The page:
The movie bridges the gap between Jodo’s early works and his later psychomagic outings (“The Dance of Reality,” “Endless Poetry”) to heal his soul. With masterful performances, unbelievable choreography, excellent visuals, “Santa Sangre” has the power to heal any soul.
1. Wicked, Wicked (1973)
Murders are happening in a California seaside hotel. This murderer has a penchant for blondes and wears a crappy monster mask while he commits his dastardly deeds. His name is Jason, and he’s a handyman at the Hotel del Coronado. (A famous movie hotel that starred in the likes of “Some Like it Hot” and “The Stuntman”.)
We watch as self-styled detective Rick Stewart (David Bailey) attempts to solve the madness as he runs into his ex-wife, Lisa, now a lounge singer for the hotel. Luckily, Lisa’s a brunette, so she probably isn’t going to be a target for this film’s serial killer anytime soon- until one night, when she dons a blonde wig for a performance, and boy, oh boy, is our Jason excited when he sees those golden curls a bouncin’ on Lisa’s head!
“Wicked, Wicked” was one of the first movies (after Warhol’s Chelsea Girls, and several other arthouse joints) to try to make “duo-vision” popular (where the film is split screen, in this case throughout the entire duration), hyping this up a lot in its marketing. “Wicked, Wicked’s” duo-vision is not only a gimmick and tests the split-screen technique up to the max, perhaps even more than Brian De Palma’s “Sisters” released the same year. What “Wicked, Wicked” lacks in story is made up for by amazing, comic-book-like shots that are flashbacks, reverse shots, and POVs of victims. It’s as advertised on “Wicked, Wicked’s” poster, “See the hunter, see the hunted, both at the same time!”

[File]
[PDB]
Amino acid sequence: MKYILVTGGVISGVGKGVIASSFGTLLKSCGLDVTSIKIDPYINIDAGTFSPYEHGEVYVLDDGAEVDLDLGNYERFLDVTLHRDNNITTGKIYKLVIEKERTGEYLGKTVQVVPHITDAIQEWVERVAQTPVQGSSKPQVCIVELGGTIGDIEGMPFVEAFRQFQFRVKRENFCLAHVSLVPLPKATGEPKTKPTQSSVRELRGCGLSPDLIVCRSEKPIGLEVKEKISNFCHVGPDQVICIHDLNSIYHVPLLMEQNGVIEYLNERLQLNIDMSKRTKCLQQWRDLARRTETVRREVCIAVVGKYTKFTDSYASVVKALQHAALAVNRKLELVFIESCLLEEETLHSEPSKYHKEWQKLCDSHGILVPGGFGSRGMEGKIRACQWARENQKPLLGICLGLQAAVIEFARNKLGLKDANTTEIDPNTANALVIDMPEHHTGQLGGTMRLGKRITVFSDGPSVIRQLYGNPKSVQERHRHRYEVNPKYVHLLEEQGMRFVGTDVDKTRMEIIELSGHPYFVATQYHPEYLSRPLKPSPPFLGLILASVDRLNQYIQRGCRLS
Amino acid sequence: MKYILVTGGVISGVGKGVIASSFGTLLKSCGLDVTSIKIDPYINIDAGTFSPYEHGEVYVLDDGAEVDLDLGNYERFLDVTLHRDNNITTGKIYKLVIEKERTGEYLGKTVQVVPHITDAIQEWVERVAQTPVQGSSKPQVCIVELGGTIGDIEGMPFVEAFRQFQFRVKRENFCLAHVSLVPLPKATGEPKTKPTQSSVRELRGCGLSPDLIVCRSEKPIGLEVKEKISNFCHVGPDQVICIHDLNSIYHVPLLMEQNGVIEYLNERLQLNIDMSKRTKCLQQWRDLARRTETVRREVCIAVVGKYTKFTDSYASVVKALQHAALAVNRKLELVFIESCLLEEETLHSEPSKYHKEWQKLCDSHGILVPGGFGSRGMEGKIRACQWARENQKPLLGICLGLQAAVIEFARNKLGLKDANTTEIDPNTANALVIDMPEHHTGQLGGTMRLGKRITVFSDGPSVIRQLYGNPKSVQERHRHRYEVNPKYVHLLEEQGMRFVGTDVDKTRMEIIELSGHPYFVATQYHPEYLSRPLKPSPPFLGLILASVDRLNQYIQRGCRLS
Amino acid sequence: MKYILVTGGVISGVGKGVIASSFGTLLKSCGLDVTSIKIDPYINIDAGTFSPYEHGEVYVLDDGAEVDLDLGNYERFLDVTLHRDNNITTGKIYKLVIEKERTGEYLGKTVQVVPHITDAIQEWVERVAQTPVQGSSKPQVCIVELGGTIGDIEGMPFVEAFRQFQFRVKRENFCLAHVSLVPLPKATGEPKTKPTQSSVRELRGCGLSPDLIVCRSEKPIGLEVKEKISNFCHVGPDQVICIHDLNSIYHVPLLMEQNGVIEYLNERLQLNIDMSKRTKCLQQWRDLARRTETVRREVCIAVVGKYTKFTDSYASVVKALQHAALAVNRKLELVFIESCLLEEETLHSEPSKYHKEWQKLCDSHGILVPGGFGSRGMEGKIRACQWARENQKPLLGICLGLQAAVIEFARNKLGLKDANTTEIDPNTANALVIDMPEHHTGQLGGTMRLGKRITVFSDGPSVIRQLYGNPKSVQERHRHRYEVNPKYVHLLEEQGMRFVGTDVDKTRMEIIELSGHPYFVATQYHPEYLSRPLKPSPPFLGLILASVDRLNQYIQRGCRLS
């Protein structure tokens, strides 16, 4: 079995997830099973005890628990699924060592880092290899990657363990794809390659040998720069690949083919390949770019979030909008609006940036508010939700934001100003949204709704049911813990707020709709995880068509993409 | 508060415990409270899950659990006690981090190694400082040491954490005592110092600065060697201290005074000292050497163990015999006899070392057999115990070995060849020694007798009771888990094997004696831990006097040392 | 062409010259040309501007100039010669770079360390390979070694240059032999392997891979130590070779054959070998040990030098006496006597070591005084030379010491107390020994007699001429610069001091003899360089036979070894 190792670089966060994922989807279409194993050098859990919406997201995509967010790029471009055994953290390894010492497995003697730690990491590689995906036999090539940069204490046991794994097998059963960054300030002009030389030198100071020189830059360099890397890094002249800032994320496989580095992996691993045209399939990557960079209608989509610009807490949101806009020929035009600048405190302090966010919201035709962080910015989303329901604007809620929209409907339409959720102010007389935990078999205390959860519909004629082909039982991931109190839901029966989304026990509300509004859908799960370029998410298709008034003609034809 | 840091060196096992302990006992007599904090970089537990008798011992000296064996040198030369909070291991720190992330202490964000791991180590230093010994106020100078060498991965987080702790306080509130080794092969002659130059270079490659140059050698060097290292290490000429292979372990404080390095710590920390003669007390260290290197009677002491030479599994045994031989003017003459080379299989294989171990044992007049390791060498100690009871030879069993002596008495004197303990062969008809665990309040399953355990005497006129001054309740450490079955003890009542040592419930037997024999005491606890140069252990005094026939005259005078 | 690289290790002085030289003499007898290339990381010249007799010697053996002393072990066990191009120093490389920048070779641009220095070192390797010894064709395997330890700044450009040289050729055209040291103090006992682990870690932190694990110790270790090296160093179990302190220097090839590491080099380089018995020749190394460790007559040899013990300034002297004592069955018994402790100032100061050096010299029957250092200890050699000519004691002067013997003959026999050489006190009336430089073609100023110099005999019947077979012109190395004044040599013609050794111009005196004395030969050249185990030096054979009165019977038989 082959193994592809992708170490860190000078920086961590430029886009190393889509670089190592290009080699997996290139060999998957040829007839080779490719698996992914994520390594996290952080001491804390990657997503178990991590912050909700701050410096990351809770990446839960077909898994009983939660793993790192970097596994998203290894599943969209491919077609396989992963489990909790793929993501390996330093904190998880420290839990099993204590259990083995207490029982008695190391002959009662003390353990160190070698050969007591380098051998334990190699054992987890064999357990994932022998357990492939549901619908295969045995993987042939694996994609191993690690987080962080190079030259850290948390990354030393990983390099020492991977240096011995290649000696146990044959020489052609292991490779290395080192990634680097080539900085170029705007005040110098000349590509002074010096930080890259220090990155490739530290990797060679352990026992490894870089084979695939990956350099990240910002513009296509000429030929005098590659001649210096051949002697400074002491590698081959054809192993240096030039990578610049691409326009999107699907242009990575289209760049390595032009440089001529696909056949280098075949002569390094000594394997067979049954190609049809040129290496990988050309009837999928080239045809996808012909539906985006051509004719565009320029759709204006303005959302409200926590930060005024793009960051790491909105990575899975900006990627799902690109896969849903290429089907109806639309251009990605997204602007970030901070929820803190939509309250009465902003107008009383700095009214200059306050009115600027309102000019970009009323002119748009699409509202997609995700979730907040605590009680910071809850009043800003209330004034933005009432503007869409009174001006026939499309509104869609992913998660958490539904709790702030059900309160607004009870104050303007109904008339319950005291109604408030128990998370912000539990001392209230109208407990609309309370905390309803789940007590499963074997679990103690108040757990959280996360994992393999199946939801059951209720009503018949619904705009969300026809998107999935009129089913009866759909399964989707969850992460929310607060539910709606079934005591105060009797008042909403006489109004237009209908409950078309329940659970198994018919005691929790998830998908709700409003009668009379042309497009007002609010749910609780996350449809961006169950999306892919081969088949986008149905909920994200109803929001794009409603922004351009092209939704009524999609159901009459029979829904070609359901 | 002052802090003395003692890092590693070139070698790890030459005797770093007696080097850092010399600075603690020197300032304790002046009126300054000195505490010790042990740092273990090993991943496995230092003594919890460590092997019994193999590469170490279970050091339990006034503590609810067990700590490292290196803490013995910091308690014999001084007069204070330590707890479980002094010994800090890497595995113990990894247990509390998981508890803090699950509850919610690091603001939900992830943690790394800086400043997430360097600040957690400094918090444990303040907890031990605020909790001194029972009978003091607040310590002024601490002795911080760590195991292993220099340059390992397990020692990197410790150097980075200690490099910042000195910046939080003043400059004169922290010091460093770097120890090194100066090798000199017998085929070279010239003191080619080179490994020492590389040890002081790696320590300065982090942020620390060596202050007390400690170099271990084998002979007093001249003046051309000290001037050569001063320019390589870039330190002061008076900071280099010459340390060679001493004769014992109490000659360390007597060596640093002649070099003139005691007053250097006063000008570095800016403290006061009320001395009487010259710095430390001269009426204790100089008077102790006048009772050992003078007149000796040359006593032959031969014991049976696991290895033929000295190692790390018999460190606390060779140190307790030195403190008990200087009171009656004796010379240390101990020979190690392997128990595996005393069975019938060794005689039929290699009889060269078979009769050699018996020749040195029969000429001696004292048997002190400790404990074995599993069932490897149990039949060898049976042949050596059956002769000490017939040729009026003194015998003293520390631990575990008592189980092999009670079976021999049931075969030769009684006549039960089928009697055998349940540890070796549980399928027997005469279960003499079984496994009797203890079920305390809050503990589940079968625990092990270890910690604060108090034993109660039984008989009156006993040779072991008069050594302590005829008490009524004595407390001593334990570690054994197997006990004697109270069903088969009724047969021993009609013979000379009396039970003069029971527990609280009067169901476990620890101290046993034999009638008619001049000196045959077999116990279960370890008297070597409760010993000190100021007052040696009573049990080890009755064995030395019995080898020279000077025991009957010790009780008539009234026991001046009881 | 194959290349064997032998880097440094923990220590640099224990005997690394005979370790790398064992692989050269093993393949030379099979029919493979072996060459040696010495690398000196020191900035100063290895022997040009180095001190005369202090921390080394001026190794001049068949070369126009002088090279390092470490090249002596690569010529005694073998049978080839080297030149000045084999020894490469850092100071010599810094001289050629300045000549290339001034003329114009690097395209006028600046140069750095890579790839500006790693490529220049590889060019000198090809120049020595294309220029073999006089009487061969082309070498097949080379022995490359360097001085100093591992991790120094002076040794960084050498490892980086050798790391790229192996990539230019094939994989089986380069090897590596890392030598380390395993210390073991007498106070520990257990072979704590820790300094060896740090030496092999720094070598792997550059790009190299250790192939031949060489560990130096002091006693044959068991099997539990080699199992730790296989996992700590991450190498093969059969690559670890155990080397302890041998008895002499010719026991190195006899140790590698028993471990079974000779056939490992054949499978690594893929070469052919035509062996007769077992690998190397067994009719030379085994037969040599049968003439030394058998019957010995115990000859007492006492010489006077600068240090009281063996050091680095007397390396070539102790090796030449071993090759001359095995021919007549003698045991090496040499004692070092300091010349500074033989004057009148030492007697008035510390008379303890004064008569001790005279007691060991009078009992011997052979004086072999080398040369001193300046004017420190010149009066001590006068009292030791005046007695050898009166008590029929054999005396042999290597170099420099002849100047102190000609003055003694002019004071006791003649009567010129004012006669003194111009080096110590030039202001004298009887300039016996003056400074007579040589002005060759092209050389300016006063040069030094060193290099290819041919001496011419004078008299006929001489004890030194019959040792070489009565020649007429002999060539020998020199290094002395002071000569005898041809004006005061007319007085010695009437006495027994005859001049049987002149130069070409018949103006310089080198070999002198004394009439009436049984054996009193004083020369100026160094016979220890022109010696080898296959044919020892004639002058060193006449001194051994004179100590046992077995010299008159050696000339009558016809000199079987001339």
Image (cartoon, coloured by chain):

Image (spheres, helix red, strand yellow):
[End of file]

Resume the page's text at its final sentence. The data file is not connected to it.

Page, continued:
“Wicked, Wicked” also boasts fantastic talent from the lovely Tiffany Bolling, as well as a fun debut performance from Vietnam veteran Randolph Roberts, and astounding filmmaking from director Richard L. Bare, a veteran tv director who was involved in some of the best Twilight Zone episodes. L. Bare was extremely ahead of his time, not only by crafting an entire film in split-screen, but also wanting to essentially create a cinematic universe around “Wicked, Wicked,” planning a sequel named “Evil, Evil,” and a spin-off Television series revolving around Rick Stewart.
Unfortunately, Bare’s ambition has never manifested onto America’s screens. Critics were confused by the surreal mix of thriller, slasher, drama, comedy, mystery, metaness, and high camp. “Wicked, Wicked” was like the little engine that could. But, alas, the critics of the 70s dumped all over this clever little gem, condemning it to the cracks of obscurity. Tiffany Bolling even defecated a bit on the film a bit herself, slashing it out of her resume, saying, “They can’t do anything with it. They can’t put it on home video, because you can’t see it on TV, the screen is so small, so it just totally was a bust.”
“Wicked, Wicked’s” financial and critical failure resulted in Bare’s future filmography being, well… bare. He would only direct one more television episode. Then he hung up his hat and said goodbye to cinema, never working with another slice of film the rest of his entire life. (I suppose he could’ve made the occasional digital piece for some home videos with his children and grandchildren. One can dream.) It seemed all hope was lost, and his brainchild of a zany horror movie would never ever be recognized.
But a miracle occured. In 2008, “Wicked, Wicked” began to show on the TCM underground, being featured quite often. Then on October 28th, 2014, the film came out on a DVD-R through the Warner Archive, going through an elaborate 2 year restoration.
Maybe somewhere, once upon a time in an alternate universe, there is an “Evil, Evil.” And maybe, just maybe, there’s a “Bad, Bad” too. And a “Vile, Vile.” A “Nefarious, Nefarious.” “Atrocious, Atrocious.” And maybe Bare’s cinematic universe could’ve concluded with a smashing magnum opus called “Good, Good.” But for now, Bare’s dreams must always live on within us. As we gather ‘round and watch “Wicked, Wicked,” a film that’s wickedly good and works. Anytime, anywhere. Anytime, anywhere.